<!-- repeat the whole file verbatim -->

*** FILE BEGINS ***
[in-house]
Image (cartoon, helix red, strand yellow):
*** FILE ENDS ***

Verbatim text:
[in-house]
Image (cartoon, helix red, strand yellow):